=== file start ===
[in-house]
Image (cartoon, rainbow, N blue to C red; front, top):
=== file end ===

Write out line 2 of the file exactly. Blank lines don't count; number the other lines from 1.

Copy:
Image (cartoon, rainbow, N blue to C red; front, top):